Gov. Doug Ducey traveled to Tucson to deliver his sixth annual State of the State address Tuesday afternoon, unveiling plans to invest more in education, eliminate taxes for veterans and focus on rural development.
One day after delivering his speech to the Legislature in Phoenix, Ducey addressed the Tucson and Southern Arizona communities at the 2020 luncheon, hosted by the Tucson Metro Chamber.
“Ladies and gentlemen, I’m proud to report: the state of our state is strong,” Ducey said. “And the best part is, it’s only getting better.”
While boasting about Arizona’s “booming economy” and $1 billion savings fund, Ducey also recognized Tucson’s role in the state’s overall growth, saying that technology jobs in the city have increased by 90 percent in the last five years.
“Arizona’s economy is roaring — 350,000 new jobs since 2015. Much of this growth is happening right here in Southern Arizona,” he said.
With 600,000 veterans living in Arizona, Ducey is proposing to eliminate 100% of their state income taxes.
“Our vets have already earned their benefits. Put their lives on the line. The government shouldn’t be taxing their service to country; it should be honoring their service to country,” Ducey said. “Our budget does this by eliminating all state income taxes on our veterans’ military pensions once and for all.”
Retired military personnel are already entitled to tax exemptions on the first $3,500 of their income. According to the Governor’s Office, Ducey’s proposal could cost the state $45 million and would apply only to veterans who served at least 20 years.
During his address, Ducey also recognized the need to connect veterans with jobs and reduce homelessness and suicide among veterans. He said he plans to open two new homes for veterans and expand the state’s suicide prevention program. His plan would also eliminate fees to get state licenses for veterans and spouses of active duty military.
I-10 and rural development
Ducey said he wants to accelerate the widening of Interstate 10 between Tucson and Phoenix with three lanes going each direction.
“The Phoenix-Tucson corridor is an economic artery for our state and it needs expanding,” he said. “It’s time to accelerate completion of I-10’s widening, in both directions, between our two largest cities.”
The plan would also include the construction of a new six-lane bridge over the Gila River, which would replace a 56-year-old bridge that 62,000 people drive over every day. According to Ducey’s staff, it’s estimated that replacing the bridge would cost about $78 million, $28 million of which would come from the state.
Ducey also voiced his commitment to connecting all parts of a growing state and focusing on rural Arizona.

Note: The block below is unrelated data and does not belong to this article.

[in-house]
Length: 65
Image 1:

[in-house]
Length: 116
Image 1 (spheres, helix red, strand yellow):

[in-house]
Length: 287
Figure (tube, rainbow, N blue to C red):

“Rural areas still lack high-speed internet. Let’s triple our investment in rural broadband grants, and also invest $50 million in Smart Highway Corridors to install broadband along our rural interstates,” he said.
Through the Rural Jobs Initiative, Ducey said he plans to focus on economic and job development in Arizona’s rural communities. The plan also includes a $4 million investment in rural colleges to help “get rural Arizonans back to work.”
According to Ducey, Arizona has pumped $4.5 billion in new investments into Arizona schools, and with this year’s budget, that number will rise to $6.6 billion.
Referencing his “20x2020” teacher-raise plan, Ducey highlighted that by the start of the new school year, teacher pay will be up 20%.
According to Ducey, Arizona is also helping to address the teacher shortage and is one of only five states that has seen an increase in teacher preparation programs.
“There’s still work to do to address the teacher shortage, but a recent study by the Center for American Progress is encouraging,” he said. “Arizona has experienced the second-highest growth in new teachers enrolling in teacher preparation programs.”
Ducey also said the state is working to create more choices and opportunities for kids and their parents, especially at low-income schools. He plans to cover the cost of advanced placement tests for low-income students so they can earn college credit.
“When it comes to what’s next, we plan to focus our resources on the places it can make the most difference: Targeting the achievement gap in low-income schools,” he said.
While Arizona high schoolers are already requires to pass a citizenship to graduate, Ducey also proposed that educators begin offering the test to students as early as middle school.
Contact reporter Jasmine Demers at email@example.com
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